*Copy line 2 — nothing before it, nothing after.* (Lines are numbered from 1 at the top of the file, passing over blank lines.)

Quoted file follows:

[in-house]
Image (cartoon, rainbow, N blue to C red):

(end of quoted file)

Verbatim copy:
Image (cartoon, rainbow, N blue to C red):